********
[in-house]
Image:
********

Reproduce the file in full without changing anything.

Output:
[in-house]
Image: